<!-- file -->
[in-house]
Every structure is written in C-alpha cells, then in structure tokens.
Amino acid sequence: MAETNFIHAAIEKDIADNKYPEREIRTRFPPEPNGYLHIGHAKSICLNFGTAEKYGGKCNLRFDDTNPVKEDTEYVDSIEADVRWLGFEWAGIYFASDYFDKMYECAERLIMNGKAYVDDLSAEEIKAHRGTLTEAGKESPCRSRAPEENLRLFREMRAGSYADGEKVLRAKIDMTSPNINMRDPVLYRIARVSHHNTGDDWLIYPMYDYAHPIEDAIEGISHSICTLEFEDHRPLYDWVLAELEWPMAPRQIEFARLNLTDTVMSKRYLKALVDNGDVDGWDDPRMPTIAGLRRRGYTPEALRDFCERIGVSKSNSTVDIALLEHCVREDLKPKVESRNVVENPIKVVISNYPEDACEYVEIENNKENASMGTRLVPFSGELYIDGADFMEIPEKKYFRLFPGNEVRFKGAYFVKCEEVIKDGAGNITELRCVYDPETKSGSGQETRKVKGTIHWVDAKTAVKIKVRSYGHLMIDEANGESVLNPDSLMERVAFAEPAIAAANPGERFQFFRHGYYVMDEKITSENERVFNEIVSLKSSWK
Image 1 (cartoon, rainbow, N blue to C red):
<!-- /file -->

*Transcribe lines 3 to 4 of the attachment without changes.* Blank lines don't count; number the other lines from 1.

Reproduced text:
Amino acid sequence: MAETNFIHAAIEKDIADNKYPEREIRTRFPPEPNGYLHIGHAKSICLNFGTAEKYGGKCNLRFDDTNPVKEDTEYVDSIEADVRWLGFEWAGIYFASDYFDKMYECAERLIMNGKAYVDDLSAEEIKAHRGTLTEAGKESPCRSRAPEENLRLFREMRAGSYADGEKVLRAKIDMTSPNINMRDPVLYRIARVSHHNTGDDWLIYPMYDYAHPIEDAIEGISHSICTLEFEDHRPLYDWVLAELEWPMAPRQIEFARLNLTDTVMSKRYLKALVDNGDVDGWDDPRMPTIAGLRRRGYTPEALRDFCERIGVSKSNSTVDIALLEHCVREDLKPKVESRNVVENPIKVVISNYPEDACEYVEIENNKENASMGTRLVPFSGELYIDGADFMEIPEKKYFRLFPGNEVRFKGAYFVKCEEVIKDGAGNITELRCVYDPETKSGSGQETRKVKGTIHWVDAKTAVKIKVRSYGHLMIDEANGESVLNPDSLMERVAFAEPAIAAANPGERFQFFRHGYYVMDEKITSENERVFNEIVSLKSSWK
Image 1 (cartoon, rainbow, N blue to C red):